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I haven't spent much time with SQL Server, and I can't seem to figure something out.

I have 3 tables; user, usergroup, group.

usergroup is a table that contains both a group id and a user id, where the group table just contains it's id and a name column. I am attempting to add a new row in the usergroup table for lets say if the user is already paired with name = x in the group table I want to also pair him with y in the group table.

I'm sorry if that doesn't make too much sense I am not really sure how to explain it but the query I've come up with so far is:

 Insert into usergroup (user_id, group_id, default_group)
 Select user_group.user_id from [user_group]
      join [group] g
      on user_group.group_id = g.id
      where g.name = 'someName';

This should return all the user ids that I want to add a specific group_id/default value to, but I am unsure how to insert them into the table I tried to do something like VALUES ( (Select statement above), "group_id_I_want_to_specify, 'false'));

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  • 1
    I guess a better context would be, group is a list of certificates that a user has, I want to give every user who has certificate x, a new certificate y.
    – David
    Jul 31, 2015 at 14:20
  • Is it usergroup or user_group? Jul 31, 2015 at 15:09

2 Answers 2

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Your INSERT statement is malformed; you may want to try something like:

Insert into usergroup (user_id, group_id, default_group)
Select ug.user_id, 1234 AS group_id, ug.default_group 
from [user_group] ug
  join [group] g on ug.group_id = g.id
where g.name = 'someName';

Replace 1234 in the query above with the id of the group you wish to add for each user who is a member of someName.


A fully flushed out test script for this, including the NOT EXISTS clause you referenced:

USE tempdb;

CREATE TABLE dbo.groups
(
    GroupID INT CONSTRAINT PK_groups 
        PRIMARY KEY CLUSTERED IDENTITY(1,1)
    , GroupName VARCHAR(255)
);

CREATE TABLE dbo.usergroup
(
    UserID int
    , GroupID int
        CONSTRAINT FK_usergroup_groups__group_id 
        FOREIGN KEY REFERENCES dbo.groups(GroupID)
    , DefaultGroup bit 
        CONSTRAINT DF_usergroup__default_group DEFAULT ((0))
    , CONSTRAINT PK_usergroup PRIMARY KEY CLUSTERED (UserID, GroupID)
);

INSERT INTO dbo.groups (GroupName)
VALUES ('test 1');

INSERT INTO dbo.groups (GroupName)
VALUES ('test 2');

INSERT INTO dbo.usergroup (UserID, GroupID, DefaultGroup)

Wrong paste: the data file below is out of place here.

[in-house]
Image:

VALUES (1, 1, 1);

DECLARE @NewGroupID INT;
DECLARE @ExistingGroupName VARCHAR(255);
SET @ExistingGroupName = 'test 1';
SET @NewGroupID = 2;

INSERT INTO dbo.usergroup (UserID, GroupID, DefaultGroup)
SELECT ug.UserID, @NewGroupID AS GroupID, ug.DefaultGroup
FROM dbo.usergroup ug
  INNER JOIN dbo.groups g ON ug.GroupID = g.GroupID
WHERE g.GroupName = @ExistingGroupName
    AND NOT EXISTS (
        SELECT 1
        FROM dbo.usergroup ug1
        WHERE ug1.UserID = ug.UserID
            AND ug1.GroupID = @NewGroupID);

As you may notice in the above code, I've used two-part naming to include the schema name when referencing table names. Also, I've added two variables to the INSERT INTO portion of code to simplify making changes.

I've added USE tempdb; - once SQL Server is restarted tempdb is automatically recreated; effectively dropping the tables I create in this code.

I'm also not calling the group table group, since that is a reserved word. Using it in code will be a recipe for confusing down-the-road. I've named it groups in my code above, since that more accurately reflects the content of the table.

Also, I've renamed several of your columns to more accurately reflect the content of those columns. For instance, you have an id column in the group table. I've renamed it GroupID, and used that nomenclature everywhere. This simplifies debugging.

6
  • Thank you this seems to be basically what I wanted to do it is possible that the user already has certificate x and y, so is there anywhere I could do not exists to prevent it from trying to duplicate the key value.
    – David
    Jul 31, 2015 at 14:42
  • sure, add a AND NOT EXISTS (SELECT ... ) to the WHERE clause.
    – Hannah Vernon
    Jul 31, 2015 at 14:48
  • That seems simple enough however, I added, And not exists (select group_id from [user_group] where ug.group_id = 5119); This doesn't seem to work how I intended it too, 5119 is the cert I want to make sure not to duplicate.
    – David
    Jul 31, 2015 at 15:06
  • @David - I've added further details to my answer to show how you can not add duplicate rows to destination table.
    – Hannah Vernon
    Jul 31, 2015 at 15:33
  • Thank you so much at first glance this all appears to be working I will be sure to test it to make sure it does what I am intending, again thank you.
    – David
    Jul 31, 2015 at 15:49
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Right off the bat, if you're targeting a column insert ( insert table ( col_1, col_2 ) ), you need to specify an insert value for both columns. From the posted syntax, it appears you're targeting 3 columns ( user_id, group_id, default_group ) but only inserting 1 explicit value ( user_group.user_id ).

To start, I recommend commenting out the insert portion of the syntax. This will allow you to fiddle around with your select statement until it returns only the data you want to insert. The values qualifier is not needed when using select insert method.

I'd recommend checking out the posted lit and giving it a go. Then edit your question accordingly if the insert fails. Good luck!

1
  • Thanks for your help I will be sure to read through that.
    – David
    Jul 31, 2015 at 14:43

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